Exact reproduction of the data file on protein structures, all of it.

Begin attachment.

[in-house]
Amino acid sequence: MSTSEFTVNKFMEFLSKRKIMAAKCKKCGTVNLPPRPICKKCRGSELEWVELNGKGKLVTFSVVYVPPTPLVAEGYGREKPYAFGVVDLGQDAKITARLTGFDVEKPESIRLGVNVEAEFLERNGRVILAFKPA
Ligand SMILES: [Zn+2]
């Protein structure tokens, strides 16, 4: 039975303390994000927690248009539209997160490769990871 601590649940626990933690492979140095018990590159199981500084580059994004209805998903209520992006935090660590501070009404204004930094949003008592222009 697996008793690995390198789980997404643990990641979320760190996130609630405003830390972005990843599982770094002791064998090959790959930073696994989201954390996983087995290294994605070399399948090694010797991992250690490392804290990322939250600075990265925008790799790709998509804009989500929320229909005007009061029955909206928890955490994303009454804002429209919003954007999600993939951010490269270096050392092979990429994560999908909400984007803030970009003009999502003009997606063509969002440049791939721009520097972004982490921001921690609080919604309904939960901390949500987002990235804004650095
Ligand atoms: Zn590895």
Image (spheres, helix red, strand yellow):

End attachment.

[in-house]
Amino acid sequence: MSTSEFTVNKFMEFLSKRKIMAAKCKKCGTVNLPPRPICKKCRGSELEWVELNGKGKLVTFSVVYVPPTPLVAEGYGREKPYAFGVVDLGQDAKITARLTGFDVEKPESIRLGVNVEAEFLERNGRVILAFKPA
Ligand SMILES: [Zn+2]
């Protein structure tokens, strides 16, 4: 039975303390994000927690248009539209997160490769990871 601590649940626990933690492979140095018990590159199981500084580059994004209805998903209520992006935090660590501070009404204004930094949003008592222009 697996008793690995390198789980997404643990990641979320760190996130609630405003830390972005990843599982770094002791064998090959790959930073696994989201954390996983087995290294994605070399399948090694010797991992250690490392804290990322939250600075990265925008790799790709998509804009989500929320229909005007009061029955909206928890955490994303009454804002429209919003954007999600993939951010490269270096050392092979990429994560999908909400984007803030970009003009999502003009997606063509969002440049791939721009520097972004982490921001921690609080919604309904939960901390949500987002990235804004650095
Ligand atoms: Zn590895």
Image (spheres, helix red, strand yellow):